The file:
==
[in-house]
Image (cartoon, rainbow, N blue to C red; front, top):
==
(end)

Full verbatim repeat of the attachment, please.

[in-house]
Image (cartoon, rainbow, N blue to C red; front, top):